Family-based immigration: not choosing the correct category risks deportation

Choosing the correct category is so important because making this mistake can jeopardize your ability to stay in the United States and your ability to Naturalize and become a United States citizen. Unfortunately, this mistake often only gets noticed once you apply for Naturalization. You must receive your green card lawfully because even a simple mistake will put you in danger of getting an NTA notice to appear, and you could get deported.

Why immigration categories are so crucial

You may know that immediate relatives are United States citizens filing for their spouse, a child under the age of 21, or a child who is 21 or older and filing for their parents. USCIS will work on these cases immediately, as they are considered a preference category. Here is a breakdown of the preference categories. 

  • F1 are under 21, unmarried sons and daughters of United States citizens.
  • F2a is spouse and children under 21 of permanent residence 
  • F3 is married sons and daughters of United States citizens
  • F4 is brothers and sisters of adult United States citizens aged 21 and over. 

Understanding the Visa Bulletin

The Visa Bulletin shows you when you may proceed with your green card application based on when you initially filed. Once you have submitted your application or form, you can check the visa bulletin to determine the wait time for continuing your green card application.

Family preference means your priority date must be reached before adjusting your status or moving to the NBC stage. Consular processing immigrants sometimes use the final action date to determine when they can adjust their status. Therefore, you must keep checking the Visa Bulletin to determine if they are working on your case and if your priority date has been reached. The dates will be listed as to what year they are working on based on when you file. If a section is marked C, is means current, and you can start the processing for applying for your Naturalization. Once your date priority date has been reached, you can begin the proceedings for Naturalization.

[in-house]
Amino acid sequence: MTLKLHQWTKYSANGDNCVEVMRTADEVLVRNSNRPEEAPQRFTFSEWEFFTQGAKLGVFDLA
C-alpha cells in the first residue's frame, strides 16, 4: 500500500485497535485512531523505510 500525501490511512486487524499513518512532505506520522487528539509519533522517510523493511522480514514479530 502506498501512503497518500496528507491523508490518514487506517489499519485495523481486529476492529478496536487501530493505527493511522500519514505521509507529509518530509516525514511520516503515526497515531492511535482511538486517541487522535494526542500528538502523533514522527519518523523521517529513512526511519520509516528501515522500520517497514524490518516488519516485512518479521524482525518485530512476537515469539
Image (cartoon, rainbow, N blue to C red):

Do you need help understanding how to select the correct category and apply for your green card?

You must make sure all your immigration forms are correctly completed, along with any supporting documents that you need. Therefore, it is essential that you work with an experienced family-based immigration attorney that can walk you through the process and ensure your forms are correct, as well as having all the necessary supporting documents.

We Work With Clients Locally, Nationwide, And Internationally.

If you have any additional questions about obtaining your green card or are looking for immigration services, don’t hesitate to contact the Odunlami Law Firm at 973-993-1900 or email us at We can help you will your immigration needs.

Areas of Immigration Law:

  • Naturalization (Citizenship) Application
  • Immigrant Relative Petitions
  • Fiancé Visa Applications
  • Adjustment of Status and Consular Processing
  • Criminal Consequences and Deportation Defense
  • Violence Against Women Act (VAWA) Application
  • Special Immigrant Juvenile Status
  • Green Card Renewals
  • Temporary Work Visas
  • Temporary Protected Status
  • Deferred Action for Childhood Arrivals
  • Waivers